The former A’s and Giants pitcher has written a book detailing his rise and fall as a baseball pitcher and his discovery of religion. “Curveball” will be published Sept. 17 by Thomas Nelson, a division of HarperCollins Christian Publishing. Zito co-wrote it with Robert Noland. Zito, who turns 41 on Monday, was a three-time All-Star with Oakland and the 2002 AL Cy Young Award winner after he went 23-5. He went 102-63 in seven seasons with Oakland, then signed a $126 million, seven-year contract with San Francisco after the 2006 season and was 63-80 for the Giants. He became more religious during the time of his mound struggles. Zito returned to the A’s for three games in 2015, then retired with a 165-143 record. He has pursued a career as a country acoustic guitar artist.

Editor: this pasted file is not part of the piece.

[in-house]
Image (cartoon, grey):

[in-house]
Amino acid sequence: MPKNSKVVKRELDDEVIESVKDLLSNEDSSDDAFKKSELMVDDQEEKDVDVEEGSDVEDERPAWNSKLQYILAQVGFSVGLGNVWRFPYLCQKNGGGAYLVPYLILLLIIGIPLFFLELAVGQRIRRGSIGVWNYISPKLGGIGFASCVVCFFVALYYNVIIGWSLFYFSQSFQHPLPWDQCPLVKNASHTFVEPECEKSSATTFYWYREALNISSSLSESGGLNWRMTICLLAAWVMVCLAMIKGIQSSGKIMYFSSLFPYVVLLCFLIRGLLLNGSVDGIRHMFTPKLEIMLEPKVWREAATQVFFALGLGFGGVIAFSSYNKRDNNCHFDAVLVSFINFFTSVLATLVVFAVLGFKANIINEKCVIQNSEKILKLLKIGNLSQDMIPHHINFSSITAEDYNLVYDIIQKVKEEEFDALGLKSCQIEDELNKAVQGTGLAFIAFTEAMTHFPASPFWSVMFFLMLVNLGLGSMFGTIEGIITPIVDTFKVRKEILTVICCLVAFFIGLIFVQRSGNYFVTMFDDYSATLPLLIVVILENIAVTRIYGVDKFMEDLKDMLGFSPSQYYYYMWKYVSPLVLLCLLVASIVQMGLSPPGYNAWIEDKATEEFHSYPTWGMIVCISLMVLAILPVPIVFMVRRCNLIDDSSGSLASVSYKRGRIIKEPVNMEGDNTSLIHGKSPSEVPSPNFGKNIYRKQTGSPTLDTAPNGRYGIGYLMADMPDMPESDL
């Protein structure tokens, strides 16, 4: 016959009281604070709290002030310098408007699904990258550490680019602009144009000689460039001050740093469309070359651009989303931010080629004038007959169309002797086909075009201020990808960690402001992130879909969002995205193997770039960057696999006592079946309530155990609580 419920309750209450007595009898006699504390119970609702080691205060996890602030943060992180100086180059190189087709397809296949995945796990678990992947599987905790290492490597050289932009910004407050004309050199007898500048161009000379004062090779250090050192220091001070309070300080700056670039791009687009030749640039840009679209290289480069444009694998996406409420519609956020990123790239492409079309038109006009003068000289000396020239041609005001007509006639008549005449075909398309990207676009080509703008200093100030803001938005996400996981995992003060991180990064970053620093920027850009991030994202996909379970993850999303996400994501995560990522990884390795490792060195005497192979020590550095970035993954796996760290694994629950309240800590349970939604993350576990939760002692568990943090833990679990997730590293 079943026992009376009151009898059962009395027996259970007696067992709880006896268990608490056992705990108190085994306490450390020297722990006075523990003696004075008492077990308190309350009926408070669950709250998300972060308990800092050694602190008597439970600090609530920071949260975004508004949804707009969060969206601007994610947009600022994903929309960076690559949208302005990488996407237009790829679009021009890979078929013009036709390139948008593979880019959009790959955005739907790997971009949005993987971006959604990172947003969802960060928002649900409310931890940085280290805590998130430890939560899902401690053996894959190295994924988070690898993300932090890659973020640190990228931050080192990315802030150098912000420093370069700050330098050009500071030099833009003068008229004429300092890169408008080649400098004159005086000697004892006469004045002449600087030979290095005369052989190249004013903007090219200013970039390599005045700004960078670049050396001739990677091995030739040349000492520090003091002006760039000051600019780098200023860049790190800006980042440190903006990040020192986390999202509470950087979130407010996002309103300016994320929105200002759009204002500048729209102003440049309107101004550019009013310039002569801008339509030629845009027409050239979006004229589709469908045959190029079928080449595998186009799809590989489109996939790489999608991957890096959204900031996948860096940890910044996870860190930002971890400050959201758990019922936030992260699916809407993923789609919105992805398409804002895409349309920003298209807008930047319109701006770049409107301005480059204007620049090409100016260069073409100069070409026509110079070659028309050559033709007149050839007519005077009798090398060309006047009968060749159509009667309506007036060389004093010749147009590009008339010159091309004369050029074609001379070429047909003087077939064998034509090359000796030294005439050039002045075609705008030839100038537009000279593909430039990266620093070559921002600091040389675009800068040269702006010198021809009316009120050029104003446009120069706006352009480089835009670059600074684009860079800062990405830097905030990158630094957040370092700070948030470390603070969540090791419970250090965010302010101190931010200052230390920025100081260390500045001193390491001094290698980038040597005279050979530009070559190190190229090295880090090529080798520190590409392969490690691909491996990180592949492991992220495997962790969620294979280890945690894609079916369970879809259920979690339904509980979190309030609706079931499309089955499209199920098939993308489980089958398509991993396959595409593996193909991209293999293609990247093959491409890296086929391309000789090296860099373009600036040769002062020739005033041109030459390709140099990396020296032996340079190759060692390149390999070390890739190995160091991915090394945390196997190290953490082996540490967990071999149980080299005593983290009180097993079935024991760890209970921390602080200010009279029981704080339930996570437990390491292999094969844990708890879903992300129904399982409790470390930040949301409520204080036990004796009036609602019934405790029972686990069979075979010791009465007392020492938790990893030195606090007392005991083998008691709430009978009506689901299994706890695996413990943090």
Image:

The NASCAR driver acknowledged covering up depression “for many years” before breaking down in tears during a media session ahead of Saturday night’s race at Kansas Speedway. Wallace, 25, has struggled in his second full season at NASCAR’s top level, his best outing being a 17th-place finish at Martinsville. Wallace was talking about the challenges facing the team Friday when he said, “You try to be the best you can and sometimes it ain’t damn good enough.” He later said he has experienced “depression and everything with it.” At that point, Wallace said “I’m on the verge of breaking down. And I am what I am.” He then buried his face in his hands and wept.
Photo: Ben Margot / Associated Press
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